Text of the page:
This event is co-organised with the Kurdish Studies Programme at the University of Central Florida. It will be the book launch of 'Kurds and Yezidis in the Middle East: Shifting Identities, Borders, and the Experience of Minority Communities'.
The diversity of Kurdish communities across the Middle East is now recognized as central to understanding both the challenges and opportunities for their representation and politics. Yet little scholarship has focused on the complexities within these different groups and the range of their experiences. This book diversifies the literature on Kurdish Studies by offering close analyses of subjects which have not been adequately researched, and in particular, by highlighting the Kurds' relationship to the Yazidis. Case studies include: the political ideas of Ehmede Xani, “the father of Kurdish nationalism”; Kurdish refugees in camps in Iraq; the perception of the Kurds by Armenians in the late Ottoman Empire and the Turks in modern Western Turkey; and the important connections and shared heritage of the Kurds and the Yazidis, especially in the aftermath of the 2014 ISIS attacks.
The book comprises the leading voices in Kurdish Studies and combines in-depth empirical work with theoretical and conceptual discussions to take the debates in the field in new directions. The study is divided into three thematic sections to capture new insights into the heterogeneous aspects of Kurdish history and identity. In doing so, contributors explain why we need to pay close attention to the shifting identities and the diversity of the Kurds, and what implications this has for Middle East Studies and Minority Studies more generally.
To receive a 35% discount on this book, please read the information on this flyer.
Majid Hassan Ali completed his doctoral research with a focus on religious minorities in Iraq, at the Institute of Oriental Studies, University of Bamberg, Germany. He is an associate member of the Department of Yezidi Studies at the Giorgi Tsereteli Institute of Oriental Studies, Ilia State University, Tbilisi, Georgia. His research interest includes the difficulties and challenges the ethnic and religious minorities are facing in Muslim-majority countries in the Middle East.
Ohannes Kılıçdağı researches the history of non-Muslims in the Ottoman Empire and Turkey, intercommunal relations in multi-ethnoreligious societies, citizenship and minorities, the history of citizenship and military service, historical sociology and the philosophy of history. He was Kazan Visiting Professor in Armenian Studies at California State University in Autumn 2020. In Spring 2020 he was appointed as Nikit and Eleanora Ordjanian Visiting Professor in the department for Middle Eastern, South Asian and African Studies (MESAAS) at Columbia University. From 2017 to 2019, he was a post-doctoral fellow at the Center for Middle Eastern Studies at Harvard University. He has also previous lectured at İstanbul Bilgi University's Sociology Department on the social and political history of the late Ottoman Empire and modern Turkey. Kılıçdağı was a research fellow at the department of Near Eastern Studies at the University of Michigan, Ann Arbor in 2012-2013. He completed his PhD in 2014 at Boğaziçi University in Istanbul writing his dissertation on "Socio-political Reflections and Expectations of the Ottoman Armenians after the 1908 Revolution: Between Hope and Despair".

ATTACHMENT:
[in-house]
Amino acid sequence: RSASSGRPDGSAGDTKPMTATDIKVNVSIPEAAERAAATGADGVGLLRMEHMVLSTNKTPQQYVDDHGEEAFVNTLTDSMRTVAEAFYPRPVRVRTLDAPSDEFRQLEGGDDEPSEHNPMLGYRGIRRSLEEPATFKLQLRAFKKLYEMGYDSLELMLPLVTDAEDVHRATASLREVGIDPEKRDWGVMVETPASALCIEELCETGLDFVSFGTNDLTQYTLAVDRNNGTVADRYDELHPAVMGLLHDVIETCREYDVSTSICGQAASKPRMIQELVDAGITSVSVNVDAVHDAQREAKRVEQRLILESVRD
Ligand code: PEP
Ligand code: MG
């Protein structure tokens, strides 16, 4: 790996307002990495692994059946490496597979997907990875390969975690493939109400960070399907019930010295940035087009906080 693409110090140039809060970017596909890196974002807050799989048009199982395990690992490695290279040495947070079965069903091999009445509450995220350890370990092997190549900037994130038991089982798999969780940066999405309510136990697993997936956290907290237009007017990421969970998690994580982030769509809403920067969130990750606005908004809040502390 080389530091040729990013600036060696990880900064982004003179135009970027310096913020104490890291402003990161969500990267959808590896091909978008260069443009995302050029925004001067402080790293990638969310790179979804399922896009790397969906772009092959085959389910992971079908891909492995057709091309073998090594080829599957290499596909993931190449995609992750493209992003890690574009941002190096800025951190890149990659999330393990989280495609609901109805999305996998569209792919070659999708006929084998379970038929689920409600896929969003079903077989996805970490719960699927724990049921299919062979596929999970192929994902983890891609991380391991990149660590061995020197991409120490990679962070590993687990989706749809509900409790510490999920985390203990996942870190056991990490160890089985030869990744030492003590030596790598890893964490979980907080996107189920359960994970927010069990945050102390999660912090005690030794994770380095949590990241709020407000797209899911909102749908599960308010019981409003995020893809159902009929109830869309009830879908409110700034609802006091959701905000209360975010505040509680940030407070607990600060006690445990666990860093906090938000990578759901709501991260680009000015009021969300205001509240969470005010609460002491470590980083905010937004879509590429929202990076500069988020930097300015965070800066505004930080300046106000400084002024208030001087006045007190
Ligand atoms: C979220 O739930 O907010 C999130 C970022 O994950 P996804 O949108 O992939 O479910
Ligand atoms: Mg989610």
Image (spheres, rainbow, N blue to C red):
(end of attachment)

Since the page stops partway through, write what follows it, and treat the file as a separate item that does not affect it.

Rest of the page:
Güneş Murat Tezcür is the Jalal Talabani Chair and Professor at the School of Politics, Security, and International Affairs at the University of Central Florida (UCF). He also directs UCF's Kurdish Political Studies Program. Most recently, he has edited Kurds and Yezidis in the Middle East: Shifting Identities, Borders, and the Experience of Minority Communities, and The Oxford Handbook of Turkish Politics. He is currently writing a book on liminal minorities in the Middle East.
Arzu Yilmaz is a visiting scholar at the University of Hamburg. She moved to Berlin in 2018 as Istanbul Policy Centre (IPC)- Mercator Fellow at the German Institute for International and Security Affairs (SWP). She spent seven years in the Kurdish Region of Iraq (KRI) as a lecturer in the Department of Political Science at the University of Duhok and as the Chair of the Department of International Relations at the American University of Kurdistan. Arzu obtained her PhD in International Relations from Ankara University in Turkey, where she wrote her dissertation on Kurdish refugees in the KRI. Yilmaz is the author of the book 'Atruş’tan Maxmur’a: Kürt Mülteciler ve Kimliğin Yeniden İnşası' published in 2016 by İletişim Yayınları.
Zeynep Kaya is a Lecturer in International Development in the Department of Social and Policy Studies, University of Bath, and a Visiting Fellow with the LSE Middle East Centre. Previously she was a Senior Teaching Fellow at the Department of Development Studies at SOAS and an Academic Associate at Pembroke College, University of Cambridge. She is interested in understanding how communities and political groups perceive, interact with and challenge international processes and dominant norms. Her research looks at the relationship between gender, violence and development in conflict and post-conflict contexts. Zeynep has a PhD in International Relations from the LSE, where she conducted research on the transformation of Kurdish nationalism and territorial identity in an international context. Her book Mapping Kurdistan: Territory, Self-Determination and Nationalism was published by Cambridge University Press in 2020.
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